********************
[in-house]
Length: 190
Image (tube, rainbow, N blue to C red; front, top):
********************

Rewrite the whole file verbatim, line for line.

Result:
[in-house]
Length: 190
Image (tube, rainbow, N blue to C red; front, top):